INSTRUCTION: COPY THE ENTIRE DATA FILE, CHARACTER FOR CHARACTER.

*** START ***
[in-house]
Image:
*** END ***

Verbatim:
[in-house]
Image: